17. Kumar D, Marshall HJ: Diabetic peripheral neuropathy: amelioration of pain with transcutaneous electrostimulation. Diabetes Care. 1997, 20:1702-1705. 10.2337/diacare.20.11.1702
  18. Gossrau G, Wähner M, Kuschke M, et al.: Microcurrent transcutaneous electric nerve stimulation in painful diabetic neuropathy: a randomized placebo-controlled study. Pain Med. 2011, 12:953-960. 10.1111/j.1526-4637.2011.01140.x
  19. Forst T, Nguyen M, Forst S, Disselhoff B, Pohlmann T, Pfützner A: Impact of low frequency transcutaneous electrical nerve stimulation on symptomatic diabetic neuropathy using the new Salutaris device. Diabetes Nutr Metab. 2004, 17:163-168.
  20. Dubinsky RM, Miyasaki J: Assessment: Efficacy of transcutaneous electric nerve stimulation in the treatment of pain in neurologic disorders (an evidence-based review): report of the therapeutics and technology assessment subcommittee of the American Academy of Neurology. Neurology. 2010, 74:173-176. 10.1212/WNL.0b013e3181c918fc
  21. Kawakita K, Okada K: Acupuncture therapy: mechanism of action, efficacy, and safety: a potential intervention for psychogenic disorders?. Biopsychosoc Med. 2014, 8:4. 10.1186/1751-0759-8-4
  22. Abuaisha BB, Costanzi JB, Boulton AJM: Acupuncture for the treatment of chronic painful peripheral diabetic neuropathy: a long-term study. Diabetes Res Clin Pract. 1998, 39:115-121. 10.1016/S0168-8227(97)00123-X
  23. Garrow AP, Xing M, Vere J, Verrall B, Wang L, Jude EB: Role of acupuncture in the management of diabetic painful neuropathy (Dpn): a pilot Rct. Acupunct Med. 2014, 32:242-249. 10.1136/acupmed-2013-010495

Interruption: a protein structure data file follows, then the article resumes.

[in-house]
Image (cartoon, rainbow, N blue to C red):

24. Ahn AC, Bennani T, Freeman R, Hamdy O, Kaptchuk TJ: Two styles of acupuncture for treating painful diabetic neuropathy - A pilot randomised control trial. Acupunct Med. 2007, 25:11-17. 10.1136/aim.25.1-2.11
  25. Chao MT, Schillinger D, Nguyen U, Santana T, Liu R, Gregorich S, Hecht FM: A randomized clinical trial of group acupuncture for painful diabetic neuropathy among diverse safety net patients. Pain Med (United States). 2019, 20:2292-2302. 10.1093/pm/pnz117
  26. Salehi B, Berkay Yılmaz Y, Antika G, et al.: Insights on the use of α-lipoic acid for therapeutic purposes. Biomolecules. 2019, 9:356. 10.3390/biom9080356
  27. Kramer K, Packer L: Alpha-lipoic acid. In: Nutraceuticals in Health and Disease Prevention. Krämer K, Hoppe PP, Packer L (ed): CRC Press, 2019. 318.
  28. Smith AR, Shenvi SV, Widlansky M, Suh JH, Hagen TM: Lipoic acid as a potential therapy for chronic diseases associated with oxidative stress. Curr Med Chem. 2004, 11:1135-1146. 10.2174/0929867043365387
  29. Ziegler D, Nowak H, Kempler P, Vargha P, Low PA: Treatment of symptomatic diabetic polyneuropathy with the antioxidant α-lipoic acid: a meta-analysis. Diabet Med. 2004, 21:114-121. 10.1111/j.1464-5491.2004.01109.x
  30. Ziegler D, Ametov A, Barinov A, et al.: Oral treatment with α-lipoic acid improves symptomatic diabetic polyneuropathy. Diabetes Care. 2006, 29:2365-2370. 10.2337/dc06-1216
  31. Garcia-Alcala H, Santos Vichido CI, Islas Macedo S, et al.: Treatment with α-lipoic acid over 16 weeks in type 2 diabetic patients with symptomatic polyneuropathy who responded to initial 4-week high-dose loading. J Diabetes Res. 2015, 2015:189857. 10.1155/2015/189857
  32. Ziegler D, Low PA, Litchy WJ, et al.: Efficacy and safety of antioxidant treatment with α-lipoic acid over 4 years in diabetic polyneuropathy: the NATHAN 1 trial. Diabetes Care. 2011, 34:2054-2060. 10.2337/dc11-0503
  33. Onofrj M, Ciccocioppo F, Varanese S, et al.: Acetyl-L-carnitine: from a biological curiosity to a drug for the peripheral nervous system and beyond. Expert Rev Neurother. 2013, 13:925-936. 10.1586/14737175.2013.814930